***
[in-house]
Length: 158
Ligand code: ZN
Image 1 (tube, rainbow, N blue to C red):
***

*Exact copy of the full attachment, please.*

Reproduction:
[in-house]
Length: 158
Ligand code: ZN
Image 1 (tube, rainbow, N blue to C red):